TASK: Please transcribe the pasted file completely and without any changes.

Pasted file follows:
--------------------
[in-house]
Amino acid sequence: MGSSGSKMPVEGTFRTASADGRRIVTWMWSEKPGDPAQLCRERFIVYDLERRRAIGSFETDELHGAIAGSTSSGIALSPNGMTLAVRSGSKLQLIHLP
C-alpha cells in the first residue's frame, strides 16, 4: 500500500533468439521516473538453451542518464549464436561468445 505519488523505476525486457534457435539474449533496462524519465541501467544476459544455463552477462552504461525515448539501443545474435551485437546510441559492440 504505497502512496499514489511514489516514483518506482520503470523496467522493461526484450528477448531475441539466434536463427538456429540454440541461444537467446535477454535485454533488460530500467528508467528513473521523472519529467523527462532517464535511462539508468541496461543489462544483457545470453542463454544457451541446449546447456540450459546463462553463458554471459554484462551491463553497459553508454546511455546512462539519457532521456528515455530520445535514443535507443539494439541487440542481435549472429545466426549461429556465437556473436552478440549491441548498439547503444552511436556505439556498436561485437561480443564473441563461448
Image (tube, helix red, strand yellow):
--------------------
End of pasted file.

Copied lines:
[in-house]
Amino acid sequence: MGSSGSKMPVEGTFRTASADGRRIVTWMWSEKPGDPAQLCRERFIVYDLERRRAIGSFETDELHGAIAGSTSSGIALSPNGMTLAVRSGSKLQLIHLP
C-alpha cells in the first residue's frame, strides 16, 4: 500500500533468439521516473538453451542518464549464436561468445 505519488523505476525486457534457435539474449533496462524519465541501467544476459544455463552477462552504461525515448539501443545474435551485437546510441559492440 504505497502512496499514489511514489516514483518506482520503470523496467522493461526484450528477448531475441539466434536463427538456429540454440541461444537467446535477454535485454533488460530500467528508467528513473521523472519529467523527462532517464535511462539508468541496461543489462544483457545470453542463454544457451541446449546447456540450459546463462553463458554471459554484462551491463553497459553508454546511455546512462539519457532521456528515455530520445535514443535507443539494439541487440542481435549472429545466426549461429556465437556473436552478440549491441548498439547503444552511436556505439556498436561485437561480443564473441563461448
Image (tube, helix red, strand yellow):